How to Stick to Your Budget

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How to Stick to Your Budget

What is your project?  Talk to the professionals with experience!  Share your budget with your architect and ask to partner early with a qualified contractor for preliminary cost estimates.  Your “team” will work with you to help meet your expectations.  Be honest and be clear.

Identify all the pieces of the budget: There are many items that will make up your budget – make sure you’ve covered them all. This may include everything from a rental during construction, moving/packing, decorating or updating furnishings, landscaping, architectural and engineering fees, permit costs, and finally financing costs if you are working with a lender.  Try not to finish construction with nothing left for your dining room fixture or window coverings.

Know yourself: What’s a must have and where are you willing to compromise? Hand scraped hardwood floors, built-in commercial fridge – what’s a must and what’s negotiable? If you have to have it –  then budget for it. If you  just have to have the built-in fridge with panels to match the cabinetry or the beautiful range that costs as much as a European holiday . . .  budget for it.

Expect to splurge. You are going to want to splurge – so plan for it. Pick and choose wisely. If you love to cook – plan to invest a bit more for that really special back splash tile or marble island countertop.  Splurge on something that you will see, enjoy and appreciate every day. Trade off on things you can compromise on.  By working closely with your team, you can budget wisely from the get go.  With an integrated approach you can work with your architect and your builder to know what impact your decisions have on the cost of your project.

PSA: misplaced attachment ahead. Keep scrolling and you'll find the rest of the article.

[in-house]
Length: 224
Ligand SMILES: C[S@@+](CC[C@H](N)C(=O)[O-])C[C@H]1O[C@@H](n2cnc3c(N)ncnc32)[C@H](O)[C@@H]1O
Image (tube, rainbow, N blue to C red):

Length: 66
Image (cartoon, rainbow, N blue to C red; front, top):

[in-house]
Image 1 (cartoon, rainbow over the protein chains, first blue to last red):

Have a contingency fund (set something aside for extras or the unexpected). Budget 15 – 20%.  Especially with a renovation or remodel unexpected things come up – the bearing capacity of the soil, rotted wood,  faulty  or out of date wiring.  The contingency is a must have in the budget  – so please plan for it .  As construction moves along you may reduce it,  and if you don’t then it’s money in the bank.  Plan on things taking a little longer than expected.  Everyone wants to finish on time – but it might take an extra few weeks to put it all together – please plan for it.

Beware of scope creep.  It just takes a few “while we are at it, we’ll just…” to really bust the budget  – so stick to your plan. If you didn’t budget for it initially then it may not be that important.  Be sure to talk with your builder when considering to add to the scope of your project.  Don’t put your contractor on the spot when you later ask,“why is it costing so much and why is it taking so long?”

Do your homework. We know that sometimes it feels impossible to make every decision for a remodel.  But you have to get out there and look.  Don’t just rely on pretty pictures in magazines.  Get your eyes and your hands on your appliances, your tile, your countertop materials.  Take the time to look at sinks and faucets and tubs and know what you want.  Don’t leave these decisions for “later”.  Don’t just plug in an allowance and don’t wait for the contractor to have to push you to make choices – it isn’t his job.

Show up, have realistic expectations and say “thank you”!  Both husband and wife should remain engaged throughout the project.  Both.  This is your home – remain involved.  Trust your team – everyone is working to please you.  Show up at site meetings to understand what has been accomplished and what lies ahead.  Have patience and understanding. Show up and say thank you – some pastries and coffee would be nice too!

Communicate, communicate, communicate!  If you aren’t sure about something – ask.  Ask your team.  This is your home – remain engaged and maintain a good relationship with your design and construction team.   The key word here is team. Conclude your project on a positive note and recognize a job well done.  Hold an open house where each member of the team  (including the subcontractors and his/her family) can come to see the finished home if they would like.  A simple open house buys priceless goodwill.

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